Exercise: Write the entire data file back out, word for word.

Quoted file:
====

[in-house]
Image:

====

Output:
[in-house]
Image: